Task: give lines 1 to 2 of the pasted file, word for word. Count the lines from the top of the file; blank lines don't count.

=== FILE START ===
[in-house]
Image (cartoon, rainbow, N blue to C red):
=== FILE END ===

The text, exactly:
[in-house]
Image (cartoon, rainbow, N blue to C red):